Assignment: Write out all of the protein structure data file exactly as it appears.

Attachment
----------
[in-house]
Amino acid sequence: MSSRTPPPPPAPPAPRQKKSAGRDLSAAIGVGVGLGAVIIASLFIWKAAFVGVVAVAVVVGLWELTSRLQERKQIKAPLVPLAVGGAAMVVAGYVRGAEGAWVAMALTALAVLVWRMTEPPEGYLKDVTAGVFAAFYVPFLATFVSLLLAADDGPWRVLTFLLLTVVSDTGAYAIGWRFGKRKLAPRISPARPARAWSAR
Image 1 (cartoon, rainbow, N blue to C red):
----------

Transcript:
[in-house]
Amino acid sequence: MSSRTPPPPPAPPAPRQKKSAGRDLSAAIGVGVGLGAVIIASLFIWKAAFVGVVAVAVVVGLWELTSRLQERKQIKAPLVPLAVGGAAMVVAGYVRGAEGAWVAMALTALAVLVWRMTEPPEGYLKDVTAGVFAAFYVPFLATFVSLLLAADDGPWRVLTFLLLTVVSDTGAYAIGWRFGKRKLAPRISPARPARAWSAR
Image 1 (cartoon, rainbow, N blue to C red):